This year's winter meetings seemed to be a lot more active than last year's, didn't they?
This may have had a lot to do with location.
In 2008, the event was held in Vegas. This surely presently all sorts of obstacles in terms of getting actual work done.
I'm not sure Scott Boras ever ducked out of Spearmint Rhino long enough to hold his annual messianic press conference. And then there were the rumors about the Hendricks brothers, a young redhead and a snapper fish.
I don't even want to know what Brian Cashman did to try to satiate his bottomless secular appetite.
This year, the meetings shifted from Las Vegas to Indianapolis, which, in terms of a scenery change, is the equivalent of moving from ... well ... Las Vegas to Indianapolis.
And don't forget about the Indy 500, which (I believe) is a bi-annual competitive eating contest. Go Kobayashi!
ANYWAY, what I'm trying to say is that there wasn't much to do in Indianapolis this week other than sign or trade professional baseball players.
And that's exactly what your New York Yankees did.
Last year, the Yankees made the biggest splash of the Vegas meetings when they signed CC Sabathia. The Yanks were in the thick of things again this year.
Let's take a closer look at what Bomber business went down this week in beautiful Manningapolis.
I'll break it down in order of importance:
Signed free agent LHP Andy Pettitte to one-year, $11.75 million deal
Who knows where the Yankees would've been if Pettitte didn't turn back the clock in 2009?
Last winter, New York essentially brought back the veteran as a $5 million insurance policy. But when Joba Chamberlain struggled and Chien-Ming Wang became a ghoulish spectacle, Pettitte was asked to be much more. By the time the postseason concluded, the 37-year-old had delivered his club 18 wins, including the clinchers in the ALDS, ALCS, and World Series.
That is what you call "stepping up".
The starting rotation remains a question mark, particularly in the back end, but re-signing Pettitte was a big piece of the puzzle. Bringing back the staff security blanket was an essential move for Cashman.
Detroit Tigers traded RHP Edwin Jackson to Arizona Diamondbacks; New York Yankees traded RHP Ian Kennedy to Arizona Diamondbacks; Arizona Diamondbacks traded Daniel Schlereth and RHP Max Scherzer to Detroit Tigers; New York Yankees traded CF Austin Jackson and LHP Phil Coke to Detroit Tigers and Detroit Tigers traded CF Curtis Granderson to New York Yankees.
To simplify the clutter above, let's just call this "The Granderson Trade", or perhaps "The Day Melky's Glow Sticks Died".
The deal makes sense for all three teams. The outfield was a relative weak point for the Yankees in 2009, shoddy corner defense sandwiching the high-effort, middling production tandem of Melky and Brett Gardner in center.
The Tigers, meanwhile, had made it clear they were looking to get younger and cut payroll. The Yankees made a natural dancing partner.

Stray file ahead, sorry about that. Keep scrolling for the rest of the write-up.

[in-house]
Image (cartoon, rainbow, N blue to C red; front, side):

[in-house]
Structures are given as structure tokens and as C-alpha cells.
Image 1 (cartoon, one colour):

I don't really care what the hell the Diamondbacks do, but Edwin Jackson is tall and throws fast.
The biggest departure for the Yankees is Jackson, which the club had groomed as its next big homegrown talent. He had a solid season with Triple-A Scranton, batting .300 with four homers, 65 RBI and 24 steals in 504 at-bats.
I wish the best to Kennedy, a once promising prospect who can't seem to get upright. Coke, meanwhile, is the type of middle reliever who is always two bad months away from a weekend arc-ball league. He'll always have that ring, though.
I was once a huge Granderson guy, but his numbers the past two seasons do scare me. His batting average in 2009 was a whopping 53 points below his '07 mark (.302 to .249), while his splits against left-handers sunk 76 points from '08 to '09 (.259 to .183).
Is it weird that Granderson, 28, would go into a two-year decline in what are typically known as a player's prime seasons? Well...yeah. But Jim Leyland also smoked enough cigarettes in that time to make Nat King Cole blush, so maybe we'll just mark this off as a second-hand smoke issue.
Bottom line here is that taking on Granderson is well worth the risk. The Yankees acquired a dynamic former All-Star who can hit for power, steal bases, and pick it in center. That's a rare commodity in this game.
Señor Cashman is on fire.
Traded Brian Bruney to Washington Nationals for Jamie Hoffmann
Let's give a big River & Sunset send-off to Mr. Bruney, whose taken his Nu-Metal-inspired tattoos and bad haircuts to Obamaland.
This is good news for the 27-year-old, who will now enjoy the benefit of disappointing just 12,000 home fans instead of his usual 46,000.
Bruney was always a curious case. All summer, I tried to convince my dad that the right-hander was one mechanical adjustment away from being a lockdown setup man. But Bruney never could get it together, unable to find consistency after elbow soreness led to back-to-back early trips to the DL. When Phil Hughes emerged as the Eighth-Inning Guy, Bruney disappeared faster than a latter-day Kelsey Grammer sitcom.
Call me stubborn, but I still think Bruney has the ability to succeed at the big league level. I wouldn't be surprised to see him flourish with the heinous Nationals, becoming a under-the-radar holds machine for your fantasy team in 2010.
It's equally possible, however, that he'll be what he's always been, an up-and-down middle reliever with durability issues. You can't lose to much sleep cutting ties with that.
Hoffmann was the first pick of Thursday's Rule 5 Draft. He was in the Dodgers' organization. He's a right-handed outfielder who can hit lefties. The Yankees could use one of those, and Cashman said Hoffmann will get a chance to break camp with the parent club.
I may try to Willie "Mays" Hayes it here and grab that spot in Tampa myself. Unfortunately, I can't hit righties or lefties. Big character guy though.